Thursday 26 August 2021

Community Highlight: For Peat's Sake – Protecting Northern Saskatchewan Muskegs

1. How and when did you form your group? 
For Peat’s Sake - Protecting Northern Saskatchewan Muskegs is a grassroots organization that formed in October 2020 just after Lambert Peat Moss Inc. held an engagement meeting to inform the public of their intention to mine peat in four areas in Northern Saskatchewan. It started with a small group of concerned locals in the La Ronge area and grew very quickly. For Peat’s Sake now includes local people who would be directly impacted by the peat mining (i.e. traditional land users such as trappers, hunters, and gatherers) and people across the province who want to protect the muskegs for their intrinsic values (i.e. as carbon sinks, as water filters, as critical habitat for endangered woodland caribou, and for their unique ecosystem that grew over thousands and thousands of years). 

2. What are your principal activities and why do you believe they're important? 
Education is a very big part of our group’s activities - we learn from each other and with each other. Peatlands – or muskegs as we call them here – are more and more in the discussion as the largest natural terrestrial carbon store and our best ally against climate change, and yet most people know very little about muskegs. So we organize speaker series that look at muskegs from an Indigenous understanding as well as from a western science perspective. We de-bunk myths about peat and the need for peat products and advocate for banning peat mining in Saskatchewan/Canada. It’s important that people know why they shouldn’t use peat and what alternatives there are for use in gardening. The less people buy peat products, the better the chances that peat mining becomes an industry of the past just like in the UK, which announced a ban of peat products by 2024. We also petition against the Lambert Peat proposal and encourage people to write letters to the Ministry of Environment. And then of course we spend time in the muskegs – picking berries and medicines or simply learning about the place. Engaging with the land is one of the most important activities because you will only protect what you love and when you spend time in the muskegs you can’t help falling in love with the land. 

3. What have been your successes to date?
We’ve done a good job raising awareness, gathering momentum, engaging with provincial and national media, and collecting over 20,000 signatures against the Lambert proposal. The successes that can’t be under-estimated though are the ones that happen informally - a conversation with a neighbour, the manager of a garden centre, a post on a local community social media site. Our local garden centre brought in peat-free soil products (there aren’t many on the market by the way) after learning where peat comes from and what harm peat mining does to the environment. Lots of people thought that, once stripped of the vegetation, mined areas would provide a great wildfire break to the communities close by the mining proposal. After learning that muskegs need to be intact (which also means wet) to function as a fire break while drained and dried muskegs increase the risk of wildfires, a neighbour who was a supporter of the peat mine helped to gather signatures against the mine. After listening to a presentation about community grassroots activism in which For Peat’s Sake was mentioned, a First Nations chief whose community had just established a food garden vowed not to use peat products again and learn about alternatives. These are the successes that make a difference and stand for the changes that are needed on a large scale.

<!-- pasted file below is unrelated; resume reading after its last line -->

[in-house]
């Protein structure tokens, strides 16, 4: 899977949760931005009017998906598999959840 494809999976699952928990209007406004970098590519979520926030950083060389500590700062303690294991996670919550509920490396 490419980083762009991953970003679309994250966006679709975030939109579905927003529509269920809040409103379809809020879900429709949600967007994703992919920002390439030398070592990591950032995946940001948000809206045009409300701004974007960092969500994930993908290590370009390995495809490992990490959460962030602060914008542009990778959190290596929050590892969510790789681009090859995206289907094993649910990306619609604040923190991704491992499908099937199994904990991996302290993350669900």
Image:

4. What would you like to achieve in 2021? 
Our short-term goal is to stop the Lambert Peat Mining proposal from becoming reality. Once the company has submitted the environmental impact assessment report, the government will review the report and will post it for a 30-day public review period. In this period, we will be actively seeking support from individuals to send their concerns to the Minister of Environment. Long-term goals include the banning of peat mining in Saskatchewan (and Canada) and working with First Nations to establish Indigenous Protected and Conserved Areas that will include muskegs that are critical habitat for human, animal, and plant species. For 2021, we will work towards these long-term goals by continuing our speaker events and forming partnerships with other organizations. 

5. If you could have 3 wishes for improving your community, what would they be?
I’m really proud of For Peat’s Sake. We’re all busy and yet we take the time to advocate and speak up for the lands that are dear to us. We’re coming from all sorts of walks of life and have formed a strong community. I wish that we keep supporting each other and holding each other up. I hope that one day we can have a big in-person gathering where we can meet all those that support us from far away. 

6. Are there volunteer opportunities with your organization? If so, please describe them and indicate how people can contact you. 
We’re a grassroots organization, so all activities depend on volunteers and volunteers shape our organization. You can find us on Facebook under For Peat’s Sake - Protecting Northern Saskatchewan Muskegs where we post events or ask for volunteer support (such as organizing speaker events), donations, and fundraising help. If you have an idea for a project or event and are willing to organize it, you’re most welcome to pitch it to us. You can also email us at We always welcome people who want to be actively involved.

Photo credits: Miriam Körner 

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